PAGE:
Mohamed Khan’s heros are often broken knights that are a reflection and by-product of a society undergoing a constant facelift. Misunderstood rebels, they live a perpetual struggle with their surroundings, but generally fail to change them.
Khan’s Al-Hareef (The Artful, or The Street Player, 1983) compiles all the small details in the life of one such common hero. Fares’ name actually means “knight,” and he’s a man you’d love to hate. Devoted and apathetic, broke and a spendthrift, violent and tender, proud yet frustrated – a bundle of contradictions trapped in a body born to play football.
Played by Adel Imam, Fares “al-Hareef” is a champion for the downtrodden, yet a failure in the eyes of society, his former wife, his boss and himself. Technically a shoemaker, he actually makes a living by playing beautiful football on the streets. He dives courageously into the world of bets and bookies in an attempt to rebel against job, social mores, fake fame, big sporting clubs and money.
Between the ill-fitting day job, elating football games in the afternoon and occasional one-nighters with colleague Aziza (Zizi Mostafa), pretty much nothing happens. And that’s the pure beauty and feral brilliance of the Khan and Bashir al-Deek storyline.
For their second collaboration after their wonderful Mawaeid Ala al-Ashaa (A Dinner Date 1982), both Khan with his appetite for experimentation and Deek with his realist, sympathetic scriptwriting skills draw numerous small characters with millions of smaller details buried in the decrepit city’s gut: Abdalla the wife beater (Nagah al-Mogy), Rizk the swindling bookie (Abdallah Farghaly), Aziza the amorous divorcé, Captain Moro the rundown former soccer player, Shaaban the old friend and car smuggler (Farouk Youssef), the sex-worker neighbor (Walaa Farid), and many others.
Khan effortlessly breaks a familiar story format and creates a world of real people, a world where the captain hands the player a cigarette in the changing room before the game starts.
The movie begins with the sound of Fares’ heavy breathing – as he runs in slow motion along train tracks under a flyover in downtown Cairo – and ends with the same heavy sound, suggesting that he will continue running from his repulsive reality into something liberating and anarchic. The breathing and running scenes also make us think and feel intensely with the film throughout.
Al-Hareef succumbs to the demands of his world yet plays one last game with no bets – his last act of rebellion.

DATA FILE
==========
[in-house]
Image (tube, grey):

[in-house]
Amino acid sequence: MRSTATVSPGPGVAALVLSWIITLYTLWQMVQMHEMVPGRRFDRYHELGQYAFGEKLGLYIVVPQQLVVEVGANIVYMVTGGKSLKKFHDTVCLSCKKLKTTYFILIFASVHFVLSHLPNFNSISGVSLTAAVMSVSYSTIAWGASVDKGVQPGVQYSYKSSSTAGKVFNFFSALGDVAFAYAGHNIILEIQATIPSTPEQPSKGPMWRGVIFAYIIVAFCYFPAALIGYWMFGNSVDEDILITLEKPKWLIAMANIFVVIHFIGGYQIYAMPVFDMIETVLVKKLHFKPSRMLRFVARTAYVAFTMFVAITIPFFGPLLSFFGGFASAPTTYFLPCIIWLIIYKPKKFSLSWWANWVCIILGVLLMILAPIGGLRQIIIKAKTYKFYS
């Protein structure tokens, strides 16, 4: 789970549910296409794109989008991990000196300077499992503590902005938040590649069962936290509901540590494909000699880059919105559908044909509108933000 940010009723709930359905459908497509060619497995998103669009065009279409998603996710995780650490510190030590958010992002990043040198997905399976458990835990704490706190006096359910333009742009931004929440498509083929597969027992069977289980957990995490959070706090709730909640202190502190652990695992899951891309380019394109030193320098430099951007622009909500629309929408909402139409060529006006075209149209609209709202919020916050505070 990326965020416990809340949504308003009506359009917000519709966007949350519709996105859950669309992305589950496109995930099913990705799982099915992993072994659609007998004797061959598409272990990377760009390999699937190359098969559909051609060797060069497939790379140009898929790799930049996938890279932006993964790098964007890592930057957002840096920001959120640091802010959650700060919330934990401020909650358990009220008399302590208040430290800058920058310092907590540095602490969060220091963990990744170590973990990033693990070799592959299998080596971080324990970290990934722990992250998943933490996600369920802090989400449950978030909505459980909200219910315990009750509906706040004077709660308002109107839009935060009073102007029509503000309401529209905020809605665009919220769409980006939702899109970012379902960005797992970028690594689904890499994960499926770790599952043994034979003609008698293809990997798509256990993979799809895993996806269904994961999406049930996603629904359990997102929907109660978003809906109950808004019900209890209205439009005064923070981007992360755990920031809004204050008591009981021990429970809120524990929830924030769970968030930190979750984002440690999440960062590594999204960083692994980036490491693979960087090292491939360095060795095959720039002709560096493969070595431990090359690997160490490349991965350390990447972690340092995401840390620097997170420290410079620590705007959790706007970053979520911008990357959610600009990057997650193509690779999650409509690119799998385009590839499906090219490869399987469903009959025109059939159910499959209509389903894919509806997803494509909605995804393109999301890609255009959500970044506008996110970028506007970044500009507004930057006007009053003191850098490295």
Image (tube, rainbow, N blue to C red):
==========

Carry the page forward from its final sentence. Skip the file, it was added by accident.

“It’s over,” he says as he scores for the last time. “No more playing.”
Khan’s sixth feature, The Artful was arguably his most realist film yet. Aside from his seditious storyline, Khan brings out and polishes Adel Imam’s immense acting ability. Although not one of his most famous movies, Al-Hareef might easily be Imam’s best. Freed of his past comedic typecast roles of the 1960s and 1970s and still not part of the more commercial Imam, Sherif Arafa and Waheed Hamed cinematic trio of the 1990s, he gives a true, heartwarming portrayal of the beaten rebel with his minimalist performance – not dissimilar to Ahmed Zaki’s in A Dinner Date, another of Khan’s broken knights.
Imam has just the right physique for Fares: on the verge of paunchy yet still able to play professionally. In his early 40s, the character is still young to remember his rampant 20s, yet not old enough to maintain such exuberance. His youth is manifested in his free and skillful playing, his desire for his ex-wife and the encounters with his colleague and neighbor – which also allow the film to encompass sexual frustration and violence, and lots of shots of people’s bodies.
Cinematographer Saeed al-Shimi captures every single detail of this epic, excelling with his close-ups and medium shots of Fares’s legs brilliantly passing the ball and scoring. We see the darkness of the protagonist’s soul with frames of him on his bed looking onto downtown Cairo from his old wooden window. Shot mostly on gritty location, the wide shots of the football games, the roaring audiences and the grubby yet smiling faces of young children cheering are what make this movie unique.
The movie’s score, titled Al-Shawareii Hawadeet (Streets are Stories) and composed by Hani Shenouda, is the final fitting, uplifting addition to this 1980s masterpiece. Known for founding the band Al-Masryeen in 1977, Shenouda left his sound on most of the great 1980s movie scores, such as Esabet Hamada we Tutu (Hamada and Tutu’s Gang), Ghareb fe Beity (A Stranger in My House), Al-Mashbooh (The Suspect) and The Artful, his third collaboration with Imam. The soundtrack feels like a dream – smooth and wishful, a perfect amalgamation of the choral group and the keyboard.
The Artful is more proof that the 1980s was the era when Khan, among other brilliant realists, graced Egyptian cinema with its best work.